The Boholano community was so saddened upon hearing Zenaida Darunday’s passing last April 9, 2017 which was also “Araw ng Kagitingan” (Day of Valor) in the Philippines.
Mam Zen or Insi Zen as she is fondly called by close friends from the cross section of the society was indeed “magiting” (courageous) because she was known to be an active advocate on environmental protection and a practitioner on sustainable agriculture, biodynamic farming, homa farming, nature farming system, homeopathy, permaculture, anthroposophy, Waldorf school, organic farming, bio composting, vermicomposting and Steiner Education.
We at the Agricultural Training Institute (ATI) in Central Visayas were also disheartened of her demise because she played a big part in the institute as our partner in development. She was with us in the crafting of our first online course on Yummy Yam: Online Course on Ubi Production as one of our Subject Matter Specialist (SMS).
Her contributions to the course as our SMS was indeed an awe-inspiring because she’s into organic ubi farming for almost two decades and with her civic achievements, Mam Zen was one of the pillars of Bohol Ubi Center Foundation, being the co-founder and board member, thus, an impetus to the e-course.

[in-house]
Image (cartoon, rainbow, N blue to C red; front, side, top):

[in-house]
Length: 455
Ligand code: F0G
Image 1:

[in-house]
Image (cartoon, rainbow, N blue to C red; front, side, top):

As the course developer, I am so overwhelmed with her astounding knowledge on ubi. She did not settle on the haphazard information limiting only on written sources instead she emphasized that those unwritten traditional and cultural practices among farmers should also be included in the module so that learners will be empowered.
I can still perfectly remember her statement where she said: “It is called a "traditional practice" because its original reason for existence is shrouded in legends and mysticism.”
One of the many examples of these is the rationale why Boholanos kiss the ubi kinampay when it fell – according to her; it is a sign of paying respect to the offended party which is the kinampay. But, the truth of this cultural practice is to prolong the shelf-life of the crop in order to survive in the long distance travel to Spain.
Aside from that, she really put a lot of her skills in the course because she provided some action photos that will supplement in the traditional and cultural practices. It was on November 15, 2009 where ATI officially launched Yummy Yam: Online Course on Ubi Production as a running course until today. You may visit www.e-extension.gov.ph/elearning so you cannot just have an actual peep of the course but at the same time experience firsthand information about ubi production especially on the traditional and cultural practices.
This blog is dedicated to Mam Zen as our humble tribute – and from all of us in ATI-Central Visayas, we would like to say thank you for your courageous contributions and our prayers for your blissful journey back to our Maker.